This week we chat with Lyel Resner, a fellow at the MIT Civic Data Lab and Adjunct Professor of Civic Technology at NYU's ITP program. He explains the surge in tech startups looking to ground themselves in ethical practices, and argues that the extra work and expense of these considerations are outweighed by the eventual costs that come with ignoring ethics until a company is more well established.
You can find more about Resner here.
Learn more about the topics we discussed by following some of Resner's suggested links below:
People to follow on Twitter: Safyia Noble, Ruha Benjamin, and Kamal Sinclair.
Ellen Pao and Project Include.
Eli Pariser and New Public by Civic Signals.
Lyel Resner If you're not meaningfully thinking about ethical and social risk, and you're just focused on like hyper growth in the short term, there will be blind spots in your business that will eventually cost you time, money and reputation.
Ben Popper Are you struggling to deploy cloud native applications to a hybrid cloud? Do you want to become familiar with Kubernetes and Istio? IBM cloud has a set of free, hands on training, ebooks, and an always on free tier of services to help you learn. Visit IBM.biz/StackOverflow to learn more. That's IBM.biz/StackOverflow.
Sara Chipps Well hello, everyone, and welcome to the Stack Overflow Podcast. I'm here with Paul today. Hey, Paul!
Paul Ford Hey Sara!
SC How's it going?
PF It's going fine in today's crazy mixed up world, I would say things are pretty good. How are you doing?
SC Good! How was your weekend?
PF Um, it was a good parenting weekend, I guess. [Sara laughs]
SC You do like success metrics or KPIs around parenting?
PF Um, not yelling. Not yelling is a KPI.
SC That's a good one.
PF For real, you're just like, ''Did I keep it together?''
SC That's a good one.
PF I'm at about a 75% for this, I'd like to get to more. 100 is impossible. But you know, if we could just get that up to like 85 i'd feel a lot better. And then also I give the KPIs to my wife, and she's a huge fan of that, she loves it. [Sara laughs]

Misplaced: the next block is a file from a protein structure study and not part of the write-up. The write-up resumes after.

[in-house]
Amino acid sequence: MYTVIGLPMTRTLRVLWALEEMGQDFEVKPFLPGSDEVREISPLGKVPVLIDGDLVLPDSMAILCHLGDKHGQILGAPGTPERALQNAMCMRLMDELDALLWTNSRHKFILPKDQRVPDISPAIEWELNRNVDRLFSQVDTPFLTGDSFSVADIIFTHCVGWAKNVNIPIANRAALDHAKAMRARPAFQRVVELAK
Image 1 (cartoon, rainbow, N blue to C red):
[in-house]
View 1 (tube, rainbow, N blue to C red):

SC Good to have SMART goals. Good to have SMART goals.
PF Oh, absolutely.
SC Well, today on the show, we have a guest we have Lyel Resner here with us today, who is a professor of Public Interest Tech at ITP. Also formerly the co founder of Swayable. Here to talk to us about some ethics in tech. Welcome, Lyel.
LR Hi Sara, Hi, Paul.
PF Hey, so we should point out that ITP is part of NYU in case you like acronyms.
LR That's true.
PF So New York University, ITP. Actually, what is ITP stand for? Better get this one right.
LR It's funny. Lot's of pressure. Interactive Telecommunications Program. It was started in the 70s by a pretty remarkable woman named Red Burns.
PF I mean, if people don't know that, no, this program, this is sort of like one of the archetypal new media thinking programs in the world. Like it got there so early, like you've got MIT, Stanford and ITP.
LR I'd agree. It's a really, really special place, this expressly kind of interdisciplinary, collaborative place across technology, engineering, design, media, art, and increasingly ethics, social responsibility, civics and public interest.
PF And they are--do they still do stupid hack days?
LR Haha. Is that a formal title? I haven't--
PF I don't know what it is. No, but there was a, there was a point where ITP was just doing really like dumb projects on purpose that was completely magical.
LR Well, I can say I can say and this is one of the wonderful things about it. But I guess also part of a tension that we're trying to balance with some of the work that we're doing. I think the ethos there is build something greater than the sum of its seemingly inauspicious not connected parts, right? Whether that's like a burrito 3d printer or something else.
PF That's right. It's this. It's the stupid s*** no one needs and terrible ideas hackathon. That's--I found it. It's, they did a cheese 3d printer, right? Things like that.
LR I mean, speak for yourself about the need for a cheese 3d printer. [Sara & Paul laughs]
SC Yeah, I was gonna say when people come to New York, when we have new transplants in New York, I tell them, they have to do two things, versus the New York tech meetup. And second is go to the ITP spring. Yeah, spring or fall shows. They're just like amazing experiences of people that have built just incredible things over their tenure at ITP, of just really cool technologies that you can interact with. It's really awesome.
LR Totally. 100%.
PF That sense of humor and is is so unusual in our industry, which is the least funny industry that has ever, like even carpeting is funnier. You know, it's like oh, you know, like, there's probably good jokes about like, deep pile versus shag. But then you get to tack and there's like, ''Oh, no, Perl sucks.'' Like that's, that's our that's our humor. And so it's just ITP you know, um, you know, just good stuff, good ridiculousness and a broader conversation about tech.
LR I mean, in tech's defense Perl elicits strong opinions. That's the polarizing. It's just polarizing.